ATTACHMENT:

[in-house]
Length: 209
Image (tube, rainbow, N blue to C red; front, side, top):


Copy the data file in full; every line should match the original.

[in-house]
Length: 209
Image (tube, rainbow, N blue to C red; front, side, top):